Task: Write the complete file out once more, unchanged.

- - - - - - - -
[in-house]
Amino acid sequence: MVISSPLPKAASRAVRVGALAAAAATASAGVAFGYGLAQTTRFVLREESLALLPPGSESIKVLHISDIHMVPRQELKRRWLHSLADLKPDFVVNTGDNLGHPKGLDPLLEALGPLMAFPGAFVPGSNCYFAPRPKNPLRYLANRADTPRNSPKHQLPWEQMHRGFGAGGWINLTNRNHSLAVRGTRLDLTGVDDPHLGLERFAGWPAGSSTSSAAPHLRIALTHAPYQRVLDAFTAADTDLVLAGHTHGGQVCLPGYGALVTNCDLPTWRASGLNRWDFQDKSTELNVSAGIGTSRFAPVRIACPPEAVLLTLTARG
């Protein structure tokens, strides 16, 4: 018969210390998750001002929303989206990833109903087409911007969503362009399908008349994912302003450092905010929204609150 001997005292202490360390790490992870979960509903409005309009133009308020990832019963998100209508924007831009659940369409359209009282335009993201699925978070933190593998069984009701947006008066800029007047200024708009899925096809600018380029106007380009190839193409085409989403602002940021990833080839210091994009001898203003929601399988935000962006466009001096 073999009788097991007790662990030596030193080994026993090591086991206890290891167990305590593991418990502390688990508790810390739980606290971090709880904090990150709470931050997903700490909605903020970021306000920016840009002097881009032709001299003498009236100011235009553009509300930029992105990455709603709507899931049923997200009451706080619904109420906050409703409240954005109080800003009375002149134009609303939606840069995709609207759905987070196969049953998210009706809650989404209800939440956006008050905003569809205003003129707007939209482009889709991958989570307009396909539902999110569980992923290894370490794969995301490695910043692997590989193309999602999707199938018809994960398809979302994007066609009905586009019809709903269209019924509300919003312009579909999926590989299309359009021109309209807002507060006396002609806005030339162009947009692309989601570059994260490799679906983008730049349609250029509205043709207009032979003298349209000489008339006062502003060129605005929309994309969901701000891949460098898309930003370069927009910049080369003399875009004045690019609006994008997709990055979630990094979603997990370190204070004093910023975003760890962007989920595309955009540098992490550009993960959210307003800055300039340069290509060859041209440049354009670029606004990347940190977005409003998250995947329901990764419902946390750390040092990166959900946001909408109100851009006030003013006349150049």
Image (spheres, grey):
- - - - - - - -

[in-house]
Amino acid sequence: MVISSPLPKAASRAVRVGALAAAAATASAGVAFGYGLAQTTRFVLREESLALLPPGSESIKVLHISDIHMVPRQELKRRWLHSLADLKPDFVVNTGDNLGHPKGLDPLLEALGPLMAFPGAFVPGSNCYFAPRPKNPLRYLANRADTPRNSPKHQLPWEQMHRGFGAGGWINLTNRNHSLAVRGTRLDLTGVDDPHLGLERFAGWPAGSSTSSAAPHLRIALTHAPYQRVLDAFTAADTDLVLAGHTHGGQVCLPGYGALVTNCDLPTWRASGLNRWDFQDKSTELNVSAGIGTSRFAPVRIACPPEAVLLTLTARG
């Protein structure tokens, strides 16, 4: 018969210390998750001002929303989206990833109903087409911007969503362009399908008349994912302003450092905010929204609150 001997005292202490360390790490992870979960509903409005309009133009308020990832019963998100209508924007831009659940369409359209009282335009993201699925978070933190593998069984009701947006008066800029007047200024708009899925096809600018380029106007380009190839193409085409989403602002940021990833080839210091994009001898203003929601399988935000962006466009001096 073999009788097991007790662990030596030193080994026993090591086991206890290891167990305590593991418990502390688990508790810390739980606290971090709880904090990150709470931050997903700490909605903020970021306000920016840009002097881009032709001299003498009236100011235009553009509300930029992105990455709603709507899931049923997200009451706080619904109420906050409703409240954005109080800003009375002149134009609303939606840069995709609207759905987070196969049953998210009706809650989404209800939440956006008050905003569809205003003129707007939209482009889709991958989570307009396909539902999110569980992923290894370490794969995301490695910043692997590989193309999602999707199938018809994960398809979302994007066609009905586009019809709903269209019924509300919003312009579909999926590989299309359009021109309209807002507060006396002609806005030339162009947009692309989601570059994260490799679906983008730049349609250029509205043709207009032979003298349209000489008339006062502003060129605005929309994309969901701000891949460098898309930003370069927009910049080369003399875009004045690019609006994008997709990055979630990094979603997990370190204070004093910023975003760890962007989920595309955009540098992490550009993960959210307003800055300039340069290509060859041209440049354009670029606004990347940190977005409003998250995947329901990764419902946390750390040092990166959900946001909408109100851009006030003013006349150049």
Image (spheres, grey):